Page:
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nation assorts variation within and among chromosomes, and genetic drift ensures that gene frequencies will deviate a bit from generation to generation independent of other forces. Given the century of work devoted to the study of evolution, it is reasonable to conclude that these four broad classes encompass all of the fundamental forces of evolution.

Second, all four major forces play a substantial role in genomic evolution. It is impossible to understand evolution purely in terms of natural selection, and many aspects of genomic, cellular, and developmental evolution can only be understood by invoking a negligible level of adaptive involvement (Kimura, 1983; Lynch, 2007). Because all three nonadaptive forces of evolution are stochastic in nature, this conclusion raises some significant technical challenges. It is tempting to think that stochastic processes have no implications for the direction of evolution. However, the effects of mutation and recombination are nonrandom, and by magnifying the role of chance, genetic drift indirectly imposes directionality on evolution by encouraging the fixation of mildly deleterious mutations and discouraging the promotion of beneficial mutations.

Third, the field of population genetics is now so well supported at the empirical level that the litmus test for any evolutionary hypothesis must be its consistency with fundamental population-genetic principles. Grounded in basic Mendelian processes and sampling theory, many of these principles were laid down before the elucidation of the structure of DNA. Shortly after the genetic code was cracked, a series of technological breakthroughs advanced our ability to reveal molecular variation: protein sequencing in the 1950s, surveys of protein variants in the 1960s, ribosomal RNA sequencing in the 1970s, gene sequencing in the 1980s, and whole-genome sequencing in the 1990s. Each of these episodes brought the need for new methods for analysis and interpretation, and in each case the framework was drawn largely from preexisting population-genetic theory. Thus, although we do not yet fully understand the connections between evolution at the molecular and phenotypic levels, we can be confident that the machinery to do so is in place.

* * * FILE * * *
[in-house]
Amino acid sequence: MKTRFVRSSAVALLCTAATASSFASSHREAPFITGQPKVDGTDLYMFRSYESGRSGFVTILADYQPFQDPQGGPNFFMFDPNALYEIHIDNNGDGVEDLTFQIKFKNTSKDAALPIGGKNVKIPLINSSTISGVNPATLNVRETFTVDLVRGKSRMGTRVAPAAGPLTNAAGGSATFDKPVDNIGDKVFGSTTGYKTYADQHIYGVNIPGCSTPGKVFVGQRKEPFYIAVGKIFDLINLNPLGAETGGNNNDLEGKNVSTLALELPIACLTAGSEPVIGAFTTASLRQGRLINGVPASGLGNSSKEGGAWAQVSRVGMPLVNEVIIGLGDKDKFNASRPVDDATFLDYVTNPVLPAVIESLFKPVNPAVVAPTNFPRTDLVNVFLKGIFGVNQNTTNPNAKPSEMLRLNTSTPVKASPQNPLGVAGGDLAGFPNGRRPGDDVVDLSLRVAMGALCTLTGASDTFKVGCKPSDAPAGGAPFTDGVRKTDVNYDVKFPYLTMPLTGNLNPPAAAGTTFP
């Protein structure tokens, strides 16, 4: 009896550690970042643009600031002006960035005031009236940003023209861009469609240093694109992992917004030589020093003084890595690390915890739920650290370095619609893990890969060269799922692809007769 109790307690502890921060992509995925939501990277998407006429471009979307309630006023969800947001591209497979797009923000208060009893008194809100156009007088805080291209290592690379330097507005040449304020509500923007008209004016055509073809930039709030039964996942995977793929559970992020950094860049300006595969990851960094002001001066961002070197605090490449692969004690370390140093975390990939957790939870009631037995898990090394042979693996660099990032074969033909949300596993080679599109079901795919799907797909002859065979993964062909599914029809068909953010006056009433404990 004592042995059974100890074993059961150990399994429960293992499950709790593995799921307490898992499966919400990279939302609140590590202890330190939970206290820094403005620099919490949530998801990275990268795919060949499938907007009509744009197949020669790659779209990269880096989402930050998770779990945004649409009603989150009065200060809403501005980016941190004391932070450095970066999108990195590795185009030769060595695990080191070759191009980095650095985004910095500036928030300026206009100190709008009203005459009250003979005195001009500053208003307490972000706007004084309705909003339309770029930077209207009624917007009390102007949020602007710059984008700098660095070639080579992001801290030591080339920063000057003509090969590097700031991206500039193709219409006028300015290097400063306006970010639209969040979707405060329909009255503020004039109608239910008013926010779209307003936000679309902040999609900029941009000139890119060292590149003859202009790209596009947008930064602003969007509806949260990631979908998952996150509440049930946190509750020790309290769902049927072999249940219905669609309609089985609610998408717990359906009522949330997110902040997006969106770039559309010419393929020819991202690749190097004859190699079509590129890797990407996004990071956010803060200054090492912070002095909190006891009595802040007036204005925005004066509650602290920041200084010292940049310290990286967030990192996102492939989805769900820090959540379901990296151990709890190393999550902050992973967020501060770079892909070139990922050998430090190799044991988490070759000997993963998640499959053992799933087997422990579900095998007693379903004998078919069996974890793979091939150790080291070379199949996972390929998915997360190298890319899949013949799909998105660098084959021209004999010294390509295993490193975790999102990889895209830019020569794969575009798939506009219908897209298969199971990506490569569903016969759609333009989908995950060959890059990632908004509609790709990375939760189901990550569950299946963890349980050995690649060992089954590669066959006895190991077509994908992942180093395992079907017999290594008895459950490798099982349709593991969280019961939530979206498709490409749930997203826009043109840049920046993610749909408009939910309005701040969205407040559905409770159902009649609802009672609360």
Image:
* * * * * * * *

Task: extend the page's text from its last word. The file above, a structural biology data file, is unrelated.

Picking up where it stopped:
Fourth, some attempts to marginalize the contributions of population genetics to our understanding of evolution have pointed to the “bean bag” genetics debate that occurred in the middle of the last century (see Felsenstein, 1975). However, this is a misunderstanding, as the tensions during this period were not about the population-genetic basis of evolutionary change, but about the need to incorporate epistasis into the existing framework, something that population geneticists have now invested heavily in (Wolf et al., 2000; Carter et al., 2005). From the standpoint of its phenotypic products, evolution is more than a change in gene frequencies. Organisms are more than the sum of their parts, just as genes are more than the sum of their functional components. But if we are concerned with

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